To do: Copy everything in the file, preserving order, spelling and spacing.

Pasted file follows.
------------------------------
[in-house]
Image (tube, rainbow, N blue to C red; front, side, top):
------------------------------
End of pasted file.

[in-house]
Image (tube, rainbow, N blue to C red; front, side, top):